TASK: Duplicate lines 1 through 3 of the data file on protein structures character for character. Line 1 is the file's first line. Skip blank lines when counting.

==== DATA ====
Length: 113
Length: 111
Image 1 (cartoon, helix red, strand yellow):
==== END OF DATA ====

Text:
Length: 113
Length: 111
Image 1 (cartoon, helix red, strand yellow):